When it comes to the Janka Hardness Test, a measure that calculates a wood’s proneness to dents or wear and tear, both materials fare well when compared to all-natural options. However, Hickory scores overwhelmingly higher than Maple with 1820, while Maple has 1450. This figure represents the material’s durability and with a higher score, means a harder, denser material is less likely to be superficially damaged.

Overall, hickory would be the best option for flooring or furniture that needs to stand up to heavy use, while maple would be a good choice for cabinets and other items not likely to move often like a dining room set.

Hickory is a denser, heavier wood that can stand up to the test of time and is great for high-trafficked areas, even making it a fantastic option for commercial properties desiring natural alternatives to composite decking.

Hickory vs. Maple: Installation

Both materials will be installed similarly in regard to tools, however, hickory is notorious for being difficult to install for another reason. Hickory wood is extremely unique from piece to piece, and you may that they do not go together upon installation. With sharply different grains and coloring, hickory can look like completely different styles from one piece to the next. You will need to carefully arrange the planks ahead of time to ensure this does not happen.

Maple, on the other hand, has a lighter grain and a much more subtle appearance, making it easier to arrange and install without extensive arrangement beforehand. While this may not be a dealbreaker for some builders, it can be a tedious extra step or a major headache when skipped.

Hickory vs. Maple: Final Showdown

Though both are natural wood building materials, maple and hickory vary in significant ways. Hickory has an increased resistance to breakage which makes it a good option for flooring or furniture in public spaces like bars or restaurants.

Maple is a softer wood that can be problematic during construction due to its knots and location, but it has lower rates of shrinkage. Neither fares well in moist environments, though hickory may be a bit better than maple. If you live in a location like Florida, you might consider composite decking or sealing the wood to prevent unnecessary exposure.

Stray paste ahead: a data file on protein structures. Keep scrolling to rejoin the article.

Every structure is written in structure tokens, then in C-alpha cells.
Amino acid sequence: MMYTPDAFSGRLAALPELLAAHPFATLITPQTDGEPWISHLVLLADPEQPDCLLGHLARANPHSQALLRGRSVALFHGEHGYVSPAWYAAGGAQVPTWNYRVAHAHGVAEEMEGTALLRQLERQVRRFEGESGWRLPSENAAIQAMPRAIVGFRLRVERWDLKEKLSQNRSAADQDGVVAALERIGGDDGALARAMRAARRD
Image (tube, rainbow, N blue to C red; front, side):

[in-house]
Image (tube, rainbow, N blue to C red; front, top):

If you’re looking for a tough option for a commercial project or simply want something that will last a long time as an addition to your home, hickory is the best choice. Because it is a harder and heavier wood, it will withstand elements and excessive use, for the most part. Though it costs more upfront, you may save money and energy in the long run as repair is far and few between and general upkeep is easy.

If appearance is of the utmost importance to you, you will find that hickory is the most unique as fewest homes have it. Additionally, tree to tree, hickory boasts a unique look which will be evident with its strong grain. On the other hand, maple comes in many different colors as there are multiple variations of the tree. If you’re looking for a semi-colored natural option, maple may be the best choice for your project. Regardless, there are always stains to help achieve your desired look!

Editorial Contributors
avatar for Matt Greenfield

Matt Greenfield

Matt Greenfield is an experienced writer specializing in home improvement topics. He has a passion for educating and empowering homeowners to make informed decisions about their properties. Matt's writing focuses on a range of topics, including windows, flooring, HVAC, and construction materials. With a background in construction and home renovation, Matt is well-versed in the latest trends and techniques in the industry. His articles offer practical advice and expert insights that help readers tackle their home improvement projects with confidence. Whether you're a DIY enthusiast or a seasoned professional, Matt's writing is sure to provide valuable guidance and inspiration.

Learn More